Banks should be forced to raise even more cash, say Bank of England regulators
Some Bank of England regulators wanted lenders to be forced to raise even more fresh capital than the £25 billion they were told to produce last week, minutes from the latest meeting of the financial policy committee indicate.
The minutes note that some members of the new City super-regulator are concerned that even after banks have raised their capital ratios to the required 7% of risk-weighted assets by the end of the year, some institutions will be highly fragile due to their high levels of borrowing.
It pointed out that more than a quarter of the UK’s banking assets, equivalent to 100% of Britain’s GDP, will be held by banks that have leverage levels in excess of 40 times their equity. Some FPC members argued that this level of leverage left “little margin for error” for these banks against a backdrop of weak global growth and the heightened risks of new financial shocks from the eurozone.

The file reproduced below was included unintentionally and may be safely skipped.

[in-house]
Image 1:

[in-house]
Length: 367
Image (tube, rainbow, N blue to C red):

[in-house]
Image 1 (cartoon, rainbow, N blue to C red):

These members also expressed “concern” that such fragile banks would not be able to support greater lending to the UK economy.
Chancellor George Osborne announced a shake-up of the FPC last week. Robert Jenkins, one of the most outspoken advocates of the need for the banks to raise more capital, and Michael Cohrs will be by with Dame Clara Furse, Richard Sharp and Martin Taylor.
The FPC also reiterated its recommendation that banks should “continue to exercise restraint” on staff bonuses and dividend payments to help bolster their capital levels.
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